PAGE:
Even if the Republic of Moldova has fought the COVID-19 pandemic for almost ten months already, the parentage of those who consider the probability that they will become infected is low remains yet very high. The vulnerability of citizens to all kinds of false reports about the novel coronavirus disseminated in the public sphere is a problem faced by the authorities in the management of the pandemic. The Public Opinion Barometer (BOP) for October 2020 shows each fourth respondent believes COVID-19 does not exist and this is a myth.
In a news conference at IPN, Vasile Cantarji, sociologist of “CBS-Research”, said the percentage of those who not be believe in COVID-19 is concentrated in rural areas. 31% of the rural respondents consider this way. 47% of those polled have a low level of education.
“Being in the tenth month of the pandemic fight already, we tried to see the personal experience of the respondents. Currently, 3% of the respondents have personal experience in fighting COVID-19 as they were confirmed with the virus. Another 4.1% have such an experience in the household, in the family,” stated Vasile Cantarji.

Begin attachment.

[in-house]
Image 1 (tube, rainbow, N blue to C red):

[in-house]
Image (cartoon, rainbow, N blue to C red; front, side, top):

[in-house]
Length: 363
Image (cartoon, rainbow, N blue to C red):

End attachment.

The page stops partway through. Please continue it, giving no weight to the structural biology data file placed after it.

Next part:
One third of those interviewed know someone who tested positive for COVID-19. In this case, an inverse correlation is created with the indicators concerning the myth and probability of becoming infected. The persons who have such experience no longer tend to believe that the novel coronavirus does not exist.
Asked for how long the pandemic could yet last, 40% of the respondents said they didn’t put such a question to themselves. Actually, the people start to get used to the idea that this crisis will yet last: 32.5% consider it will last for over a year, 13.7% – for a year, 9.6% – for half a year, 3.5% – for another two-three months, 1.5% – for a month, while 0.9% believe the crisis is over.
Asked how they consider the authorities have managed the COVID-19 pandemic, 30.8% of those surveyed responded “neither…nor”, 23.6% - “badly”, 21.3% – “very badly”, while 14.5% – “well”. 8.1% of those interviewed said they cannot answer and only 1.6% said the authorities managed the situation “very well”.